The non-adverse character of the trustee's interest is further apparent. The grantor as mother of the minor beneficiary and possessed of a substantial separate estate and income, was also liable under local law for the minor son's support. Alling v. Alling, 52 N.J.Eq. 92, 97, 98, 100, 27 A. 655; Osborn v. Allen, 26 N.J.L. 388, 391. Hence the trustee's disposition of any of the excess income to the use of the minor son operated, from a legal standpoint, to serve an interest of the grantor (mother) eqully with that of the trustee (father). The interest of the trustee in distributing income for the son's benefit was therefore not adverse to that of the grantor in the sense contemplated by Sec. 167 of the Revenue Act of 1934. As was said by the Board of Tax Appeals in Cushing v. Commissioner, 38 B.T.A. 948, 950, with respect the amendment in the 1932 Revenue Act (later Sec. 167 of the Act of 1934), - "The statute was deliberrately changed so as to exclude a beneficiary 'having a very mioner interest' from among those who could save the settlor from being taxed on the trust's income."*fn4 The interest of the trustee, growing out of the duty to support the minor son (which he shared alike with the grantor), if it motivated the exercise of his discretion at all, and his duty to support the wife as well invited distribution of the income favorable, and not adverse, to the grantor. These facts distinguish the present case from Savage v. Commissioner, 3 Cir., 82 F.2d 92 and Clark v. Commissioner, 3 Cir., 84 F.2d 725.
But even if the interest of the trustee because of his duty to support the minor son was not offest by the grantor's like duty or by the trustee's further duty to support the grantor, still the tr ustee's interest was unsubstantial as a motive to induce him to distribute income other than as disired by the grantor-wife. For the two years here in question (1934 and 1935) the wife had an annual income of $56,000 and $25,000 respectively, exclusive of the excess trust income here envolved, while for the same years the husband's income was roundly $40,000 and $51,000, r spectively. The son had a separate estate consisting of several thousand dollars in a bank account contributed to by the father and mother, but, particularly, by the father, and a small trust estate created by the father. The mother and son were spported entirely by the father in an abode common to all of them and in keeping with the family's financial station inlife, including a governess for the son paid for by the father. In such circumstances, the contention that the husband's distribution of the excess income to the son's estate was in the service of an interest adverse to the grantor rests too heavily upon the bare and relatively inconsequential legal liability of the trustee.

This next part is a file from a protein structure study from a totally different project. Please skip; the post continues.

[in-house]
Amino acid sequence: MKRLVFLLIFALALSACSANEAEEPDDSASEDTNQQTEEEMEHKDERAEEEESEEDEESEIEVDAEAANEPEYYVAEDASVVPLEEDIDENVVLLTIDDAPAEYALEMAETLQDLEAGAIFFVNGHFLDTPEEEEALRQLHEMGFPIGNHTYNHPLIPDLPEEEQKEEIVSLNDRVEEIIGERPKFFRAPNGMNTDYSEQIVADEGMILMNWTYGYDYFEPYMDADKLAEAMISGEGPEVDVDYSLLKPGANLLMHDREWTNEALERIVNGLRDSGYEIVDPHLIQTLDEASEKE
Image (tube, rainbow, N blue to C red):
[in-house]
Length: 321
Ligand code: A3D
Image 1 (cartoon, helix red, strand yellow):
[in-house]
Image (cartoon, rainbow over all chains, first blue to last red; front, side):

It is true that, in form, disposition f the excess income rested in the trustee's discretion. But, the mere from should not bepermitted to overpower the actual substance. The income was in fact distributed in the g rantor's interest. The t rustee testified that the accumulations of excess income for the years 1934 and 1935 were "presumably invested for the fafeguarding of the boy in future times if I should not be able to help, of if may wifeshould not be able to help him". Obviously the distribution to the son's estate was for the purpose of building up a competence for him for the furture when the legal liability of both the father and the mother for support might be of little avail. It was made without though for the present legal liability of either and to an end in which the grantor was interested equally with the trustee. That such was the grantor's expectation of her husband's exercise of his discretion is in part indicated by the deed of trust. While the grantor therein provided that, upon her husband's death or resignation, a bank should be substituted as trustee, she also provided that in such event she should become a co-trustee. Viewing the situation realistically, as a proper regard for legal liabilities requires, the scheme which the taxpayer now urges for the trust would be no more than a means for her contributing to the son's estate without liability for tax on the income thus induirectly devoted by her to that purpse. See Loeb v. Commissioner and Fulham v. Commissionr, supra.
It follows that the excess income which was distributable to the grantor in the discretion of the husband-trustee was so distributable by a person not having an adverse interest and that it was, therefore, taxable ...